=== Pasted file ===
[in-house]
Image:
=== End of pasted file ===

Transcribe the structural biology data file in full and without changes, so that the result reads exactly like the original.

[in-house]
Image: